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Lecture 2

RESEARCH METHODS SUMMER 2012 LECTURE 2 JUNE 28TH.pdf
RESEARCH METHODS SUMMER 2012 LECTURE 2 JUNE 28TH.pdf

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School
York University
Department
Psychology
Course
PSYC 2230
Professor
N/ A
Semester
Summer

Description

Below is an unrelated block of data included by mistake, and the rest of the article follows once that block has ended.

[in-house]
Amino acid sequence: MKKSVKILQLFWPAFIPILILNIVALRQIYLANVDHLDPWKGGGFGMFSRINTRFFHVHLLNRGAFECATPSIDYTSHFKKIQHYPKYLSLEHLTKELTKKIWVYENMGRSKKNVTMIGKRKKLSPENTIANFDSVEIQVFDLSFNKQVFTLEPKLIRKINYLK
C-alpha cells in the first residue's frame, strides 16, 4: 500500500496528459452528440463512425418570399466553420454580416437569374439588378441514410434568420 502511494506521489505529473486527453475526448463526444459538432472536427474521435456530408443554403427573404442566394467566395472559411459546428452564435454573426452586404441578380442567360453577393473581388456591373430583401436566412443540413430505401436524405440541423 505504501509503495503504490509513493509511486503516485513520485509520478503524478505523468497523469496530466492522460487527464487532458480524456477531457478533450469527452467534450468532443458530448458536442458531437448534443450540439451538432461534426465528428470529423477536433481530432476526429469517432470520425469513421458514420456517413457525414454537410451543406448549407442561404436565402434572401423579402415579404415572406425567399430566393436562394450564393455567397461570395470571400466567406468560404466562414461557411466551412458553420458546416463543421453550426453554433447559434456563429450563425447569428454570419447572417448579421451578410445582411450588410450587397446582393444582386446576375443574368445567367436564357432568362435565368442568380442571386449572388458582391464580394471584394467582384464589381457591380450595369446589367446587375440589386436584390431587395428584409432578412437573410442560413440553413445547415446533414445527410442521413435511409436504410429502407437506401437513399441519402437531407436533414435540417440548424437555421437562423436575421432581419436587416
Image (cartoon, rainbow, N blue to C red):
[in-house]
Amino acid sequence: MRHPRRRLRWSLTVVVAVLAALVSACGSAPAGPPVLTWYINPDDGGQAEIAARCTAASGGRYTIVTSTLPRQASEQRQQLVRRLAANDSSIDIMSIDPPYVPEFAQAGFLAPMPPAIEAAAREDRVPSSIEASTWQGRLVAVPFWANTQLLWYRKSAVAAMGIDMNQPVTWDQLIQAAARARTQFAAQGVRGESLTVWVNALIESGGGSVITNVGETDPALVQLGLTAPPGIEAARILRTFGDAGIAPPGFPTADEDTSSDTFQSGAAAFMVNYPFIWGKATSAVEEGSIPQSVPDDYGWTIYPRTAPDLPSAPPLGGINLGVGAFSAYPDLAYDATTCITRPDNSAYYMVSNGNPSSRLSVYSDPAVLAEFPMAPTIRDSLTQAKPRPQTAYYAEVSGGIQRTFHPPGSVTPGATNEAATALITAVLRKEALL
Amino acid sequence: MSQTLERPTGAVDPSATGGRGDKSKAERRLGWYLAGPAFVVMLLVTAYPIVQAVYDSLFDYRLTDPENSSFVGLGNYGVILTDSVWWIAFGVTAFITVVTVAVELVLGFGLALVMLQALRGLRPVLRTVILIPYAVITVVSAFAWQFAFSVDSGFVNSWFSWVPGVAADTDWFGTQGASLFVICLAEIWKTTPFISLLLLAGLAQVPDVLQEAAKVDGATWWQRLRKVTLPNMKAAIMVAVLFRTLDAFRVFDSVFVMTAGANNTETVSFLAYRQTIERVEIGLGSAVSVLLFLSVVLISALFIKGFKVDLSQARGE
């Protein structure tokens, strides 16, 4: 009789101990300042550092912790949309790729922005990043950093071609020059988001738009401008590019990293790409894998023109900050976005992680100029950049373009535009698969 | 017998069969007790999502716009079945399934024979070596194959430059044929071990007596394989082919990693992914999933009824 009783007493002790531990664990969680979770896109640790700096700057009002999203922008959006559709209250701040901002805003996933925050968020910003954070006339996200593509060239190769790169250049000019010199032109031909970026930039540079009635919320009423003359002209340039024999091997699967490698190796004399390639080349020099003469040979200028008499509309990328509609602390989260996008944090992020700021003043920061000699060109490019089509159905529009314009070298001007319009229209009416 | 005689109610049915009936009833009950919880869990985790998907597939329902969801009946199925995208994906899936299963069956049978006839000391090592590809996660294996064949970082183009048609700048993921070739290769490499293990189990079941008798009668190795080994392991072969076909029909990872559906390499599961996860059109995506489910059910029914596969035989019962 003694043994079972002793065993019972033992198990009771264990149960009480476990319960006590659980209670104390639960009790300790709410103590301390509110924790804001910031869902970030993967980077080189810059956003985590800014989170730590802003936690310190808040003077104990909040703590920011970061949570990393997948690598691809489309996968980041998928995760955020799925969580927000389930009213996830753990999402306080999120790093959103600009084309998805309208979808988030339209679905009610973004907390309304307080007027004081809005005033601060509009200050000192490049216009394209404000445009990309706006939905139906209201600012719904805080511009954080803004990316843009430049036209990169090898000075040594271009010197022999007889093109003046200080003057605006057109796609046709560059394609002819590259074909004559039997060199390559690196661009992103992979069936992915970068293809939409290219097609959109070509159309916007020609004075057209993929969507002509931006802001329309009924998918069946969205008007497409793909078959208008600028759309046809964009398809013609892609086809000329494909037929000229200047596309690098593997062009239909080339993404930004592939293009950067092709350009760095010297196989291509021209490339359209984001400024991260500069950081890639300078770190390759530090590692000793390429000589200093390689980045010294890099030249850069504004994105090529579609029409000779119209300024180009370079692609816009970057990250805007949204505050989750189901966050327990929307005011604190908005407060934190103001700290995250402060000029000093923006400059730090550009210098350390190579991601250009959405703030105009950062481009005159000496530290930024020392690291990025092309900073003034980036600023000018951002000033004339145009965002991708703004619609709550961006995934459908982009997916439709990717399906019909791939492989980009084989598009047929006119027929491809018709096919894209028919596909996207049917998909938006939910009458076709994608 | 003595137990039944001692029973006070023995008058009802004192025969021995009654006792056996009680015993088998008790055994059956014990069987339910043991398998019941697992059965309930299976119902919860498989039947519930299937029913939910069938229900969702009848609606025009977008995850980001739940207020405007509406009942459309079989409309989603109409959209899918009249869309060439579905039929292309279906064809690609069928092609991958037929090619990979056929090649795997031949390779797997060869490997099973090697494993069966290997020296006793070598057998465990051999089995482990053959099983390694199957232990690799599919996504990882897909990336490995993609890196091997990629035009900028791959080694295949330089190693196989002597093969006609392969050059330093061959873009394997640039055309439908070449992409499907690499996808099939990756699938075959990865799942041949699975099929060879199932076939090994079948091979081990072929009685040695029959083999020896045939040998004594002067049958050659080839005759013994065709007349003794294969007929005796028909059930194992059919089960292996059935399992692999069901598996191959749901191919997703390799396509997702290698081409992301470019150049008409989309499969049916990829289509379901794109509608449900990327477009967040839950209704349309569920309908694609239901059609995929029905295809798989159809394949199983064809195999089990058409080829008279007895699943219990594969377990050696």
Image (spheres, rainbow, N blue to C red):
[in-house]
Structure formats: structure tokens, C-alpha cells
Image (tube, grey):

RESEARCH METHODS LECTURE 2: JUNE 28TH 2012 TOPIC: EXPLAINING BEHAVIOUR **There will be tutorials just before each exam to go over everything which will take place in Vari Hall A(same as the lecture)** METHODS OF INQUIRY: ➔ Why things happen. TENACITY → when we hear a statement over and over we tend to believe it is actually true. This is because if it was incorrect it would not have lasted for such a long period of time. People who hold this method are resistant to contrary evidence therefore ignoring what goes against their beliefs. Example: advertisers use this → repeating a message so that you eventually believe its true.AUTHORITY → find an answer by looking to an expert. Rely on the acceptance of experts. Problems with this way of knowing: this knowledge is only as good based on how the expert is deemed in that field.Alot relies on the source. Do not provide valid answers to questions about behaviour: 1) because we assume that if they are an expert in one domain we will generalize they are an expert in other domains. Example: a start athlete thinking they know everything about nutrition.Advertisers have us believe they are experts in multiple areas. Example: different “experts” will have different ways to approach rising your child. We tend not to question experts because we do not want to offend them. INTUITION → information is accepted as being true because it just feels right very much like a hunch, instinct, or gut feeling. Example: commonsense → no way of separating accurate from inaccurate information. RATIONAL METHODS → seeking answers through logical reasoning. Example: “Beautiful people are good” Carol is an attractive person therefore she is good. No support for the original assumption that beautiful people are good. SCIENTIFIC METHOD: ➔ Psychologists do not rely on any of the above methods when doing research and talking about behaviour. They use the following methods. Scientific methods is the best approach at eliminating bias and opinion. EMPIRICAL → derived from old Greek meaning “through experience”. The knowledge is based on direct observation and experimentation. OBJECTIVE MEASUREMENT → If two people were observing the same thing they would arrive at the same conclusion. This is quite often misunderstood. People feel scientists treat subjects as objects when they are objective. What people observe is what happened. EVIDENCE IS GATHERED SYSTEMATICALLY → information is obtained in a thought out step by step manner. CONFIRMATION OF FINDINGS → the validity of the research.As more information accumulates the validity of the results increase. SELF-CORRECTING → science is characterized by allowing new evidence correct previous results or beliefs. PROGRESSIVE → science is progressive. TENTATIVE → science never claims the whole truth because knowledge can be corrected. ATTITDUES OF SCIENTISTS: ➔ Uncertain, open-minded, skeptical, cautious, and ethical. One should carefully evaluate their research and the research of others as a healthy skeptic. GOALS OF SCIENTIFIC METHOD: ➔ DESCRIPTION → describe the behaviour. Define it. Operationalize it. Do this clearly, provide an accurate description because without it you cannot move forward and find different behaviours or try to explain behaviour because everything would be meaningless. Therefore, hindering the research process. Nomothetic versus Idiographic approach. We rely on large sample sizes, describe our behaviour as the average as a group, never describe an individuals performance, the mean would be typical performance serving as the dominant approach in psychology. Nomothetic → inadequate-- unique individuals cannot be described by the average value therefore the idiographic methods is more accurate—looking at individuals rather then groups in terms of behaviour. PREDICTION → we want to understand or predict behaviour and ask questions like “does an early loss of a parent make a child vulnerable to be depressed later in life?” Professional schools rely on prediction example: look at GPAand tests to see if you will succeed in their program. EXPLAIN/UNDERSTAND → example: relationship between TV violence and aggression. Even if we know they are associated we need to explain this relationship, we need to understand does this relationship occur due to modeling, is it the result of being psychologically desensitized to violence, or does watching TV violence lead many to believe violence is a normal response to conflict? APPLICATION → seeks to use the knowledge to influence some phenomena.Apply it in a social situation, business environment etc. BASIC VERSUSAPPLIED RESEARCH: ➔ Basic → not very much emphasis on application. More concerned with theoretical issues. Test different theories of cognition and emotions for example. Very theoretical. ➔ Applied → conducted for the knowledge that it produces. Conducted to address some practical problem, to find potential solutions. Example: one might wonder what types of psychotherapy are effective in treating depression. Example: program evaluation in terms of reducing drug or alcohol abuse. Conducted in business settings, marketing companies, government etc. ➔ Neither is more superior than the other. Distinction between the two is hard to make clear. LABORATORY VERSUS FIELD RESEARCH: ➔ Laboratory → lab setting, controll
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